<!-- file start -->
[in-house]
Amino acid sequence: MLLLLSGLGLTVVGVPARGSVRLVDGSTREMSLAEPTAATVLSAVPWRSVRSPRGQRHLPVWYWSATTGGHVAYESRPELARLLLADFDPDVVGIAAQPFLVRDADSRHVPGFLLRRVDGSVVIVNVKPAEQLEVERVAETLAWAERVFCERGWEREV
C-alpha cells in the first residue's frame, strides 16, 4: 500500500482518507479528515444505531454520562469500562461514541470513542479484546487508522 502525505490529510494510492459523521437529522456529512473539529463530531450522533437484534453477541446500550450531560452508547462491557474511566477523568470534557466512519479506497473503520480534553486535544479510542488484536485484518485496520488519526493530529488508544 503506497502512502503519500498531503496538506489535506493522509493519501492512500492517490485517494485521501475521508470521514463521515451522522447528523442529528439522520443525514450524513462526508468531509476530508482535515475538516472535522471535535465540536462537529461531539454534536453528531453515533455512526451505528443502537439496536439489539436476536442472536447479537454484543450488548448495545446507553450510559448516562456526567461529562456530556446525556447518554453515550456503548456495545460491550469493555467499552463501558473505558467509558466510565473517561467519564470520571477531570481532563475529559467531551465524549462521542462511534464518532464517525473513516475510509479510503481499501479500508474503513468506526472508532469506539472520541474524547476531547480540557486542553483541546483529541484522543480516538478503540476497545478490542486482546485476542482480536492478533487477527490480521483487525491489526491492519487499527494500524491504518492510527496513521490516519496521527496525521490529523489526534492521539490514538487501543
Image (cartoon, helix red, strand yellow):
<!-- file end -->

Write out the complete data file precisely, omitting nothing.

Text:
[in-house]
Amino acid sequence: MLLLLSGLGLTVVGVPARGSVRLVDGSTREMSLAEPTAATVLSAVPWRSVRSPRGQRHLPVWYWSATTGGHVAYESRPELARLLLADFDPDVVGIAAQPFLVRDADSRHVPGFLLRRVDGSVVIVNVKPAEQLEVERVAETLAWAERVFCERGWEREV
C-alpha cells in the first residue's frame, strides 16, 4: 500500500482518507479528515444505531454520562469500562461514541470513542479484546487508522 502525505490529510494510492459523521437529522456529512473539529463530531450522533437484534453477541446500550450531560452508547462491557474511566477523568470534557466512519479506497473503520480534553486535544479510542488484536485484518485496520488519526493530529488508544 503506497502512502503519500498531503496538506489535506493522509493519501492512500492517490485517494485521501475521508470521514463521515451522522447528523442529528439522520443525514450524513462526508468531509476530508482535515475538516472535522471535535465540536462537529461531539454534536453528531453515533455512526451505528443502537439496536439489539436476536442472536447479537454484543450488548448495545446507553450510559448516562456526567461529562456530556446525556447518554453515550456503548456495545460491550469493555467499552463501558473505558467509558466510565473517561467519564470520571477531570481532563475529559467531551465524549462521542462511534464518532464517525473513516475510509479510503481499501479500508474503513468506526472508532469506539472520541474524547476531547480540557486542553483541546483529541484522543480516538478503540476497545478490542486482546485476542482480536492478533487477527490480521483487525491489526491492519487499527494500524491504518492510527496513521490516519496521527496525521490529523489526534492521539490514538487501543
Image (cartoon, helix red, strand yellow):